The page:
I don’t want people to get me wrong. For the most part I did like these people personally (for the most part), but that does not mean I should have lived with them. I should have maybe smoked pot with them once in a while. But living with them was a mistake.
3. It was far away from friends
New York City has the best public transit system in the entire world. That’s some opinion, but also some fact. There are a lot of issues with service and people like to complain about late subways incessantly (myself included), but generally, if you have $2.25, the MTA will get you where you need to go anywhere in the city of New York.
That being said, if you live in Bushwick, off the J train, don’t expect to be able to get anywhere besides the Lower East Side with any inkling of convenience. None of my friends lived near me, I don’t like hipsters, and most of my closest friends had no desire to come to Brooklyn. There was no reason to spend time in Brooklyn, and yet, it was so hard to get other places. Maybe my friends could have been better at trying to see if they liked Brooklyn, but we all came from places Uptown, and I didn’t care enough to try to figure Brooklyn out myself. This was ultimately one of the deciding factors in my decision to move because it shouldn’t take an hour and three subways to get to a friends apartment within the city limits. Are there still city limits?
2. It was far away from work.
Again: New York City has a great public transportation system, blah blah blah….the MTA will get you where you need to go, etc.
I work in the Bronx, which is far away from Brooklyn. Like 90-minutes-by-subway far. So I’ve spending about fifteen hours a week just traveling to and from work. At first it was ok. I was listening to new music. I had started reading Moby Dick (Spoiler: They all die in the end). I read the daily free papers, amNewYork and Metro. I occupied my time properly, 99% of it at least (nailed it!). Then all these things got boring. I had listened to all four of the Felice Brothers albums till I began to hate their awesome indie-folky sound (seriously though, that’s impossible).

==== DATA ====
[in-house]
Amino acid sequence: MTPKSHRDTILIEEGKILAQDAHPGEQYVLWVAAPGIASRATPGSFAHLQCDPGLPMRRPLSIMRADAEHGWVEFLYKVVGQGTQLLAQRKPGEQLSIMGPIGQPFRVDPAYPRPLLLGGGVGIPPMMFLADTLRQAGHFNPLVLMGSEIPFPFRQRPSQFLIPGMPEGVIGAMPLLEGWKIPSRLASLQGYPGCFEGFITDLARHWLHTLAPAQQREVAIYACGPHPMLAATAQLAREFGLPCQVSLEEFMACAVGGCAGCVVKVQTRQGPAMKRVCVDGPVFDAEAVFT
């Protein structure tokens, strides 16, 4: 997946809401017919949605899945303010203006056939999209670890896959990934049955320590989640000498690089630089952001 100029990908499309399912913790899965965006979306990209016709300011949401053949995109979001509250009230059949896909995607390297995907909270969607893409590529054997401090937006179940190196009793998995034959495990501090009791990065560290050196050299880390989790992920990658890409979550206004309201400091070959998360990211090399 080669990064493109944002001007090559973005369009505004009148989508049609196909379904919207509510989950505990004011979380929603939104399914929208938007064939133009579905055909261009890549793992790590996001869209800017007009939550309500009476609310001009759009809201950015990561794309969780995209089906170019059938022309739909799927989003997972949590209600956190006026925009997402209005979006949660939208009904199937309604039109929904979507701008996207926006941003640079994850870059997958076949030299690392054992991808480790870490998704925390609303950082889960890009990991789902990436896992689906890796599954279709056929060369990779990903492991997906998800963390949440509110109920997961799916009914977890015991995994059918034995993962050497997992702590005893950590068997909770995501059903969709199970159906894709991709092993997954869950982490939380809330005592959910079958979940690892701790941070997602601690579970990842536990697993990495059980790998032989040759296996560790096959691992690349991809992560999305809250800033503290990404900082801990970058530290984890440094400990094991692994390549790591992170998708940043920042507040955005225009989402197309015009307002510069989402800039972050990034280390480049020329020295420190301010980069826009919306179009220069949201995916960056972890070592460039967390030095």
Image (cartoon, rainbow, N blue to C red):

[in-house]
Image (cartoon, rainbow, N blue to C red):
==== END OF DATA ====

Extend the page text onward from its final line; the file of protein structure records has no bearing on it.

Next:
I began listening to podcasts a few months ago instead, which was great. Podcasts ranged from 40-90 minutes so I could listen to anywhere between two and five in a single day depending on which ones I was listening to. But I am reaching a point now that scientists often refer to as “Peak-Podcast.” This phenomenon is a lot like “Peak-Oil.” Pretty soon I will know way too much about Marc Maron’s personal life and will have heard every single person that does a podcast on ever other person’s podcast promoting their own podcast that I will podcast a podcast podcast. Podcast. Seriously though check out my podcast at thesockpartypodcast.podbean.com. It’s a real thing.
1. I wanted to.
I can get a little stir crazy sometimes, and if I don’t like something or someone I’m known to just burn bridges. At some point I decided I didn’t want to live there so I made plans to move.
I don’t really know how to end this blog. I wanna make a big funny joke but I feel like I shot my wad on the podcast plug joke. Ok, I guess I’ll just see you later internet….So can you unlock the door please? Internet? Can you please let me out of the basement? I think the door’s stuck. Can anybody hear me? Is that a dead body down here?